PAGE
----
Information about life expectancy is still pretty outdated on the Internet. My question is; if someone is responding to medication, based on your knowledge, what is a reasonable life expectancy now? Is it naive to believe I’ll continue to do well (no O2 therapy as of now) for several years? Or do today’s medications really make it so you cannot survive, but enjoy day-to-day life?

A. Dear Maddy, 
Survival is quite variable. Sound like you are doing well and are responding to medications. Remember to LIVE each day.
Dr. Tom

Feels “Sick” When on Oxygen
Q. My husband has COPD and lots of times when he’s on oxygen he feels very sick and has to get off.  I’ve “Googled” everything I could think of and have found nothing about this.  Can you explain?

A. Dear Lorraine,
I cannot understand what you mean by “ get off”. Do you mean get off the oxygen? If so, it just may be that it makes him anxious.
Dr. Tom

What Can I Do to Help Myself?
Q. I’m 64 I have bronchiectasis, COPD, MRSA (in lungs), Lupus, and have strokes because I make blood clots. I have a vest, use Dornase, nebulizers, exercise, and eat well balanced meals. What should I do help myself?

A. Dear Donna,
Keep active and do something interesting every day.
Dr. Tom

Why is it so Hard for Me to Blow Up a Balloon
Q. I’m a 38 year-old male. I was a smoker for around 10 years and gave up entirely around six years ago.

My query is this:  I find it very uncomfortable to try to blow up a balloon.  It’s hard to describe but it’s as if the back-pressure from the balloon causes some kind of problem for me.  It’s not out and out pain—it’s more like I have trouble catching my breath.  It takes me some time (30 minutes perhaps) before I feel that my breathing is normal again and its very unpleasant. I take regular exercise and even heavy exercise does not cause me any difficulty.
Any information at all would be very welcome.

A. Dear David,
Ability to blow up a balloon does not correlate well with your lung function. Get spirometry done for your own piece of mind, and have some one else blow up the balloons.
Dr. Tom

Seeing Improvement in Spirometry after Stopped Smoking
Q. So I’ve been off cigarettes for six months now and you were a great help in my quitting.  Did it cold turkey. 

I’d like to get another spirometry to see if my results have improved because my last one reported some indications of air trapping.  Is it too soon to see some real improvements?  If so, when is a good time to do it?

A. Dear Dave,
Now would be a good time. You may well see some improvement in air trapping.
Dr. Tom

6. Two Readers Wonder: How was Dr. Tom’s Pulmonary Hypertension Diagnosed and How He is Doing?
Q. 1. Would you mind saying more about your pulmonary hypertension treatment?  How were you diagnosed?  What treatments are you now using?

2. In one of your posts, you state that you have pulmonary hypertension.  I do too.  I’m curious what your experience with it has been, what treatments you are on and how you are doing?
Mrs. Harris & Krisite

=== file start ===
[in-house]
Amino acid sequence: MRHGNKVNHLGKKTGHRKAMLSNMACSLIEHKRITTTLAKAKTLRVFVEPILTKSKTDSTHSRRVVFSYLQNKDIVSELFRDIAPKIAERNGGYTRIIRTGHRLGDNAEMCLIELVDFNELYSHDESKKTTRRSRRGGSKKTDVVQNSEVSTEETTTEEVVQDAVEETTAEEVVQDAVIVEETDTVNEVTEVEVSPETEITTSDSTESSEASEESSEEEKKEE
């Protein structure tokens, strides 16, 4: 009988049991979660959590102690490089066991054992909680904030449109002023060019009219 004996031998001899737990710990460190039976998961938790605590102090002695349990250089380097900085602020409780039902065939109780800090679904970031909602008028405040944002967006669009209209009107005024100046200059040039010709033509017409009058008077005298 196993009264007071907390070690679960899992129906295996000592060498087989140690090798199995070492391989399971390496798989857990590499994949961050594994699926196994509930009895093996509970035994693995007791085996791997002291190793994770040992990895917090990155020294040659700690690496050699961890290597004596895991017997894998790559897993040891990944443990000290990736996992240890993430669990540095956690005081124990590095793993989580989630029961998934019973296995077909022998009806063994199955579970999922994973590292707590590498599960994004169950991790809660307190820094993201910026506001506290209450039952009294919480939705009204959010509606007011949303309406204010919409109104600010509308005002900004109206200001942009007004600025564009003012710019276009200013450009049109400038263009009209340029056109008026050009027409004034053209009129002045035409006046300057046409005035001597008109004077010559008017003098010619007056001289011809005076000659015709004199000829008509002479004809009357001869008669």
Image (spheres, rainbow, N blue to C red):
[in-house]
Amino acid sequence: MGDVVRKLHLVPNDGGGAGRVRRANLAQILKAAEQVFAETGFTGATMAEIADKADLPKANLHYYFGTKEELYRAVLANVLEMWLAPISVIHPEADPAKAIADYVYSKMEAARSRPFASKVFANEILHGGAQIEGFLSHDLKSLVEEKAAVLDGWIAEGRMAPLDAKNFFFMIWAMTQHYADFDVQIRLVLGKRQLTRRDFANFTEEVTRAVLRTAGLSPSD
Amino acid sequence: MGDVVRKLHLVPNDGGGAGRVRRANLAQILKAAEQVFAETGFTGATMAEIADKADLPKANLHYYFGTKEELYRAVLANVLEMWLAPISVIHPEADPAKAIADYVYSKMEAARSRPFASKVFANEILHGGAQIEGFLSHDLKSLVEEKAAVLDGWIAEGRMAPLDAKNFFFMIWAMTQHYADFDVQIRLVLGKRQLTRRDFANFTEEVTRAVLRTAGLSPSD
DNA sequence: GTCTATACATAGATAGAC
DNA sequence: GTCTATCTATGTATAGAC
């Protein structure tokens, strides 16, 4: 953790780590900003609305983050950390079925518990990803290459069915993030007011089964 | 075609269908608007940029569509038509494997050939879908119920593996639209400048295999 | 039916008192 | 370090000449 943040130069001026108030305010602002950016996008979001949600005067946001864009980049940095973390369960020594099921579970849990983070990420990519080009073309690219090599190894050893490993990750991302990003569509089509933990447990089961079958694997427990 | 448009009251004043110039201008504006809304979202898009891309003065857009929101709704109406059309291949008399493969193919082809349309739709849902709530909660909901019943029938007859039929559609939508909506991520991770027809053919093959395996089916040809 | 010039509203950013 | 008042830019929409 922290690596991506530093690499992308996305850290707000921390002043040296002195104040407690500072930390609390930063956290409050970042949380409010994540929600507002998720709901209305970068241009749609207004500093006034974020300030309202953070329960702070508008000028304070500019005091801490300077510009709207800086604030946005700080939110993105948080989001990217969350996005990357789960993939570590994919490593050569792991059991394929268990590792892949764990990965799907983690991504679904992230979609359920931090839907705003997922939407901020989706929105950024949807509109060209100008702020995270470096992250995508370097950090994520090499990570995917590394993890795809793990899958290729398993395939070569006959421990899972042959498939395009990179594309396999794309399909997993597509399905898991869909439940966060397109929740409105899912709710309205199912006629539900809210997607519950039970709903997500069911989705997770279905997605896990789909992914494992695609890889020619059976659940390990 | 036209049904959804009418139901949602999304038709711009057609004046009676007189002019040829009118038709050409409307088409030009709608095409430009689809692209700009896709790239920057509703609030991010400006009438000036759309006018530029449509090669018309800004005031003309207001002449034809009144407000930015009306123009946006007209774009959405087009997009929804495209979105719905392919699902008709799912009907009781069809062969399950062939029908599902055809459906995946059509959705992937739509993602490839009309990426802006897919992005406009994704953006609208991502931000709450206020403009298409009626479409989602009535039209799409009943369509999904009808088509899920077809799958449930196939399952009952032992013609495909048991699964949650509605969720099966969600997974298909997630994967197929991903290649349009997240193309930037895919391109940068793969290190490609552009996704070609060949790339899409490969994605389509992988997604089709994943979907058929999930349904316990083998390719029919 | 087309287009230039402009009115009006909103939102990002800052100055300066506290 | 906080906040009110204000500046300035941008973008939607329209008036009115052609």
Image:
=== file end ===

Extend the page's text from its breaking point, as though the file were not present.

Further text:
A. Dear Mrs. Harris and Krisite,
My pulmonary hypertension was diagnosed in conjunction with four open-heart surgeries. I have taken inhaled medications, i.e. Ventavis and sildenafil with some improvement. My own case is pretty unique and complicated with non-smoking COPD.
Dr. Tom

What is the Pleura?
Q. What is the pleura and what is pleural thickening?

A. Dear Dorothy,
The pleura is the lining around the lungs. Thickening is often due to inflammation of this very delicate membrane.
Dr. Tom

Aspiration of Food
Q. I think I aspirated on a piece of chicken yesterday.  I have COPD and am still short of breath.  It feels like the food is lodged.  I feel terrible. I am also light headed.

A. Dear Claudia,
You should be seen by a pulmonologist and possibly bronchoscopy if you are pretty sure of this aspiration.
Dr. Tom

Does Dog Hair Effect Emphysema?
Q. This may sound like a dumb question, but someone told me that dog hair affects emphysema?  Is that true? I always thought that was true with asthma, but not emphysema. Thanks for your help!

A. Dear Judy,
Dog hair does not affect emphysema.
Dr. Tom

Idiopathic Pulmonary Fibrosis (IPF) or COPD or a Combination?
Q. Dr. Tom, First of all, can Idiopathic Pulmonary Fibrosis masquerade as COPD in the early stages?  I was looking back at my PFT’s from 2007, and saw the same restrictive pattern they see on this study—the only ’difference’ is that the numbers dropped 50%.

FEV1 77% in 2006, 34% in 2008
FEV/FVC normal
TLC 73% in 07, 48% in 08,
FVC 75% ’07, 34% ‘08,
DLCO 75% ‘07, 22% ‘08

From what I remember, those are the figures that indicate restrictive pattern, right?  I smoked for many years, so figure that COPD was diagnosis until the numbers plummeted.  I also have had 20 ’pneumonias’ in four years, six within the last six months. I had radiation to my right breast (breast cancer 2001—and the pneumonias seem to like to attack that lung (right) more than the left).

I was told that essentially, the sharp decline from ‘07 to ‘08 was one clue that it was IPF. Does this sound like idiopathic pulmonary fibrosis?  And can it have a COPD/emphysema component(s) to it?

A. Dear Gina,
Your rapid decline is more typical of IPF. Of course you have other reasons for fibrosis with the radiation and multiple pneumonias. You probably have features of both fibrosis and COPD.
Dr. Tom

Hepatitis C Treatment and Now Have Lung Problems
Q. For seven weeks, I was on pegylated Interferon and ribavirin for treatment hepatitis C. After one month, developed respiratory problems. Quit treatment at seven weeks. X-rays/CT Scans show no abnormalities, but they are calling it mild lung disease that may reverse or not.